When the Pulsed Turbine duel tandem four-chambered rotor engine comes to fruition, it will display inherit redundancy characteristics, built-in safety features not found in other aviation engines. This design configuration brings two separated Pulsed Turbine Rotor Engines, (U.S. Patent: US 6,907,723 B1), together that share a centralized ignition distribution circuitry and a power shaft, to function as one engine.
To show how this new turbine engine concept could become a game-changer and establish new aviation industry standards for light to medium weight, prop-driven aircraft, we will look at: inherit design safety features, the theory of how power is generated, anticipated performance characteristics, and manufacturing cost-reduction advantages.
Inherit Design Safety Features:
1. Four simultaneously triggered ignition sources. (if one ignition source becomes inoperative the engine could still maintain 75% power output.)
2. Continuous and reliable timed spark ignition in all rotating combustion chambers prevents any possibility of a flame-out condition in this turbine engine design.
3. Shut down one-half of the engine. In theory, this engine could still continue functioning with the fuel source shutoff to one rotor, while still retaining roughly 50% power. Incorporating and manually activating “reserve” fuel injectors could significantly boost power output from the functioning rotor.
4. With two compressors at opposite ends of the engine, compressor stalling due to high or low air pressure surges felt on one compressor, can be quickly negated with the opposite compressor not being affected.
How Power is Generated:
Based on the U.S. Patent: US 6,907,723 B1, The Pulsed Turbine Rotor Engine functions as follows: air is continuously drawn in through centrifugal rotating compressors and forced through heat exchangers which surrounds high-speed, rotating four-chambered rotors.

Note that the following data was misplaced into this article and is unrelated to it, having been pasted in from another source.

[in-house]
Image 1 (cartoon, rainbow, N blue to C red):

All four combustion chambers in each rotor are charged with a compressed air-fuel mass and ignited simultaneously. At each 45 degree rotation of the engine, the alternate rotor ignites its four chambers. So, in one rotation cycle of the engine, power from “both” rotors would have been generated eight times. Each individual chamber would have been ignited four times in one complete rotation. Combine that equates to 32 individual combustion chamber ignitions for each engine rotation cycle.
Anticipated Performance Characteristics:
- More fuel efficient than conventional turbine engines.
- Quieter and less vibration than reciprocating engines.
- Engine starting and in-flight restarting reliability.
- Fuel-injection control module can receive signals from a rate-gyro sensor for instantaneous rapid throttle response.
- Can be throttled up and down continuously. (advantageous for Tilt-Rotor roll control.)
- Fewer moving parts than a reciprocating engine.
- No need for precision manufactured turbine blades, or expensive axial-flow compressors, therefore less costly.
It is hoped that this brief presentation of the Pulsed Turbine Turbo-Prop Engine has provided investment incentives to prospective aviation engine manufacturers. It is a simple concept design which embraces reliability and safety, ensured by major component redundancy, fuel-injection efficiency, and cheaper manufacturing. Thank you for spending your valuable time to read our brief Pulsed Turbine Turbo-Prop concept presentation.